Borage Herb: How To Grow Borage


By: Bonnie L. Grant, Certified Urban Agriculturist

The borage herb is an old fashioned plant that can get up to 2 feet (61 cm.) tall, or more. It is native to the Middle East and has an ancient history in war as an enhancement for bravery and courage. Growing borage provides the gardener with cucumber-flavored leaves for tea and other beverages as well as bright starry blue flowers for decorating salads. All parts of the plant, except the roots, are flavorful and have culinary or medicinal uses.

Borage Plant Info

While not as common as thyme or basil, borage herb (Borago officinalis) is a unique plant for the culinary garden. It grows quickly as an annual but will colonize a corner of the garden by self-seeding and reappearing year after year.

June and July are heralded by the presence of the borage flower, an appealing, small, brilliant blue bloom with attracting qualities. Indeed, the plant should be include in the butterfly garden and brings pollinators to your veggies. The oval leaves are hairy and rough with the lower foliage pushing 6 inches in length. The borage plant may grow 12 or more inches wide in a tall bushy habit.

Growing Borage

Herb cultivation just takes a little gardening know how. Grow borage in an herb or flower garden. Prepare a garden bed that is well tilled with average organic matter. Ensure that the soil is well drained and in a medium pH range. Sow seeds directly into the garden after the last date of frost. Plant seeds ¼ to ½ inch (6 ml. – 1 cm.) under the soil in rows 12 inches (30+ cm.) apart. Thin the borage herb to at least 1 foot (30+ cm.) when the plants measure 4 to 6 inches (10-15 cm.) tall.

Planting borage with strawberries attracts bees and increases the yield of fruit. It has limited culinary use in today’s foods, but the borage flower is often used as a garnish. Traditionally the borage plant was used to treat many ailments, from jaundice to kidney problems. In medicinal use today it is limited, but the seeds are a source of linolenic acid. Borage flowers are also used in potpourris or candied for use in confections.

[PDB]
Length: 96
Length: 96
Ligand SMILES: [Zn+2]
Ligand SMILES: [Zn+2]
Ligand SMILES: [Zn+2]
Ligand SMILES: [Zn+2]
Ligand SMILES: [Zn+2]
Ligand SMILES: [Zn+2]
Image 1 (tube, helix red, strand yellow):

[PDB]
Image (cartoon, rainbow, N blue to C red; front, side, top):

Borage can be perpetuated by allowing the flowers to go to seed and self sow. Pinching the terminal growth will force a bushier plant but may sacrifice some of the flowers. Borage herb is not a fussy plant and has been known to grow in refuse piles and highway ditches. Be assured you want the plant to regrow annually or remove the flowers before it seeds. Growing borage requires a dedicated space in the home garden.

Borage Herb Harvest

Sowing the seeds every four weeks will ensure a ready supply of borage flowers. The leaves may be picked at any time and used fresh. Dried leaves have little of the characteristic flavor so the plant is best consumed after harvest. Leave the flowers alone if you are hosting a honeybee colony. The blooms produce an excellent flavored honey.

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Growing Borage – How to Grow Borage

Borage is a hardy annual that’s easy to grow from seed, and will liberally self-seed if flowerheads are left on over winter. The star-shaped, startling blue flowers are particularly beautiful and plentiful, but is best used fresh as it does not dry well.

Borage plants average about 75 cm (30 inches) in height, about half as much in width, and can be a bit straggly in very poor soil. It can be grow in pots or containers, but prefers space in the veg plot or flower bed where it’s an excellent bee attractant. The leaves are covered in stiff white hairs on branched hollow stems that will easily snap in strong winds, so growing them in self-supporting clumps is recommended.

Recommended Varieties of Borage

Primarily the blue-flowered plant is grown, though a white-flowered borage is available.

Borage Pests and Problems